So why might a u-services model generate long asynchronous chains of actions?  Well, if you consider a typical use case, it might involve something like a person snapping a photo, which uploads into the cloud, where it is automatically analyzed to find faces, and then where the faces are automatically tagged with best matches in the social network of the camera-owner, etc.  Each of these steps would occur as a function event in the current functional cloud model, so that single action of taking a photo (on Facebook, WhatsApp, Instagram, or whatever) generated a chain.  In my work on Derecho, we are concerned with chains too.  Derecho is used to replicate data, and we often would see a pipeline of photos or videos or other objects, which then are passed through layers of our system (a chain of processing elements) before they finally reach their delivery target.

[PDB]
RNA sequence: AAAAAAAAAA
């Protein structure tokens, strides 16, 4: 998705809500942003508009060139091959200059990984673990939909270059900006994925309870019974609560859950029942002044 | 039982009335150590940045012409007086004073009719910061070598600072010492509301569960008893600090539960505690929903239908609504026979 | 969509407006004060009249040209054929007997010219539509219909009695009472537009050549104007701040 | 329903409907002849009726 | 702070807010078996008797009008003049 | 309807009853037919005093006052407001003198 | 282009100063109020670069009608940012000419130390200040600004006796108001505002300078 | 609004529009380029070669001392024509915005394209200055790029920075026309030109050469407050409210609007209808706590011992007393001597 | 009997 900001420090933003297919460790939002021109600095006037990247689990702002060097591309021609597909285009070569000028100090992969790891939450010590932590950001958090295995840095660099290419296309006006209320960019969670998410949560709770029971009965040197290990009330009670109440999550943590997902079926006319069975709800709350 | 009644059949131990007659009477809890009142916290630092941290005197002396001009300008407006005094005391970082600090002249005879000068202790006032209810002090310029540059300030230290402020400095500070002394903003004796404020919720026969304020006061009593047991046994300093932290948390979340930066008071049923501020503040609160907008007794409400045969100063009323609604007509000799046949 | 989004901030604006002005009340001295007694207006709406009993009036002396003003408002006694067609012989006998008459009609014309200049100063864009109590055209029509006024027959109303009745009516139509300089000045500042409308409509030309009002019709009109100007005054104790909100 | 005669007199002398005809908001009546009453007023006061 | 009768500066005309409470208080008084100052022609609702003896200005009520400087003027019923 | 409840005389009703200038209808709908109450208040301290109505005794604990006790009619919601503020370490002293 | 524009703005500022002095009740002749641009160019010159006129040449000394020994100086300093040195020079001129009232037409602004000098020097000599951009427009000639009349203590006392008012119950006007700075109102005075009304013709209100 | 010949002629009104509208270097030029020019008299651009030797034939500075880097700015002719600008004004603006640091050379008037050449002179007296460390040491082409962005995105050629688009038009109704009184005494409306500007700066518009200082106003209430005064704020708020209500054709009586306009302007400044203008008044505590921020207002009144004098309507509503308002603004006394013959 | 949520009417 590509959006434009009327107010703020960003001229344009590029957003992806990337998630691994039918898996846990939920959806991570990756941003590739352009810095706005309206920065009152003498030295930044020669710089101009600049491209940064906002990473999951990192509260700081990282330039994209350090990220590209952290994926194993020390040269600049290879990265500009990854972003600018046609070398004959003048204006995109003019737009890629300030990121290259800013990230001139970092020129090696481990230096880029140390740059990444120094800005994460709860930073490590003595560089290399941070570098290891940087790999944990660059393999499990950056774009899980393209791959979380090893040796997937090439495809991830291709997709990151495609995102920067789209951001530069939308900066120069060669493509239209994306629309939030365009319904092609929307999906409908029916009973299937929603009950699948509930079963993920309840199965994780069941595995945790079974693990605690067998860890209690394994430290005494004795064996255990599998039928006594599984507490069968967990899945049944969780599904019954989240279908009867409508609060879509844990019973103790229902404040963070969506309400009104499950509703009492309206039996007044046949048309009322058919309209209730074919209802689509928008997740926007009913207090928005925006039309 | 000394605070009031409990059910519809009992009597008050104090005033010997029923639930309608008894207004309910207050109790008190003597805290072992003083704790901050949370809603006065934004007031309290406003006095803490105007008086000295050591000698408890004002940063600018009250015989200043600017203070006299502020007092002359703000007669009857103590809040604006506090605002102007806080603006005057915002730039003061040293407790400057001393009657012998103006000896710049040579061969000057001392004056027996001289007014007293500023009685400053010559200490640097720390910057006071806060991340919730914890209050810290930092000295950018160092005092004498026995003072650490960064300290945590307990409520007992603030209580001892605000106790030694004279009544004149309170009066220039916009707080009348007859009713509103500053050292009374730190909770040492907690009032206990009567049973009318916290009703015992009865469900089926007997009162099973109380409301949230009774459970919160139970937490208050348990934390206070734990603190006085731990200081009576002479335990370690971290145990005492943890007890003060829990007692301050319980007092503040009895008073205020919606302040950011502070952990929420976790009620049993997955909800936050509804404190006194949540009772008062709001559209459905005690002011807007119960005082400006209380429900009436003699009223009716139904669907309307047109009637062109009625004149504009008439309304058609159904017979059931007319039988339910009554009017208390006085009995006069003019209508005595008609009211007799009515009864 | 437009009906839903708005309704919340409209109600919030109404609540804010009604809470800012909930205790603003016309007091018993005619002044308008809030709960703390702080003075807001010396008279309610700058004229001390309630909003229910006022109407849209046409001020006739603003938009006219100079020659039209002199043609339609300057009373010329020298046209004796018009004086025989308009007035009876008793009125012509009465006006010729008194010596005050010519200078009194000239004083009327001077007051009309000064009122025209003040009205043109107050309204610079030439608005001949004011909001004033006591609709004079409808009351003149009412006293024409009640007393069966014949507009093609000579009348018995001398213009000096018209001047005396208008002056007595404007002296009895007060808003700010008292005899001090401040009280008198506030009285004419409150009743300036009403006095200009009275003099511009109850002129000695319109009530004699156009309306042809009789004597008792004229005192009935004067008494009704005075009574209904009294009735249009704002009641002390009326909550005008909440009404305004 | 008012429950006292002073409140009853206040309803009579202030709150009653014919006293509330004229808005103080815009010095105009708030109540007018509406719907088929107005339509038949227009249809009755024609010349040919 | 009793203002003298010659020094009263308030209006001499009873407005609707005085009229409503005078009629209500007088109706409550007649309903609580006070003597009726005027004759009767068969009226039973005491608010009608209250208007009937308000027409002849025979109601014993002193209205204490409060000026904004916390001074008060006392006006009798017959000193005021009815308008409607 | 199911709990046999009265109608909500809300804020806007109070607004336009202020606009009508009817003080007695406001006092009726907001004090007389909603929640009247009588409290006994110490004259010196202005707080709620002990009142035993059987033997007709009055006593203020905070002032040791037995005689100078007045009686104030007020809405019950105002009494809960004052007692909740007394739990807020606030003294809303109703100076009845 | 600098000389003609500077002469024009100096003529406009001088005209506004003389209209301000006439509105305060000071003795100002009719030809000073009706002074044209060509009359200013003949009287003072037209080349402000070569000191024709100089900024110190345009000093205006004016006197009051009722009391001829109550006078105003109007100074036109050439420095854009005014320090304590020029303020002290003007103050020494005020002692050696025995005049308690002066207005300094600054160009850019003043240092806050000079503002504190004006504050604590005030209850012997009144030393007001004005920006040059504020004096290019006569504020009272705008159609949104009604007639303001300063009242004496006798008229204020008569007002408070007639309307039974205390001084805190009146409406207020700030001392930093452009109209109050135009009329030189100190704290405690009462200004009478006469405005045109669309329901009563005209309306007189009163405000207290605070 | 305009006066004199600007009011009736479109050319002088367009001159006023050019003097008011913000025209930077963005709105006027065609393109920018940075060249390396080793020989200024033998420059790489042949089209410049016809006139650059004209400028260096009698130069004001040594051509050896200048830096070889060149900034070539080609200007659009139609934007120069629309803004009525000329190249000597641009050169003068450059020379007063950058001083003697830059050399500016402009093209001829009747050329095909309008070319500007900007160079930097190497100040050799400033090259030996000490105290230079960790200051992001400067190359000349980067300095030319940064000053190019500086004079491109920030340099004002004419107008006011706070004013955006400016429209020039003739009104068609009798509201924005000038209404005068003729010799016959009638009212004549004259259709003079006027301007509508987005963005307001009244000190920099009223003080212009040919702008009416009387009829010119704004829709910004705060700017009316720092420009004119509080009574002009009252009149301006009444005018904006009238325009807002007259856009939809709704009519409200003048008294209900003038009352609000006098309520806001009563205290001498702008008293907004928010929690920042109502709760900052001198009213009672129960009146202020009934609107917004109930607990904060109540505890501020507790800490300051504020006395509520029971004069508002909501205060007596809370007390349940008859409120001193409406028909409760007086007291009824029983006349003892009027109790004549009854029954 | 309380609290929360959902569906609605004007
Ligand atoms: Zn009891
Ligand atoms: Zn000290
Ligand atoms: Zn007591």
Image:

Chains of any kind can cause real issues.  If something downstream pauses for a while, huge backlogs can form, particularly if the system configures its buffers generously.  So what seems like a natural mechanism to absorb small delays turns out to sometimes cause huge delays and even total collapse!